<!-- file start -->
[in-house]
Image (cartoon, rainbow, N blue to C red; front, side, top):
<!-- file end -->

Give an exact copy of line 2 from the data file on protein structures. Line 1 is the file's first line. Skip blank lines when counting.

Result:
Image (cartoon, rainbow, N blue to C red; front, side, top):